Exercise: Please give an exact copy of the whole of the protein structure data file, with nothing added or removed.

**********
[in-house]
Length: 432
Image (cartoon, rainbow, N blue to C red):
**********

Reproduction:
[in-house]
Length: 432
Image (cartoon, rainbow, N blue to C red):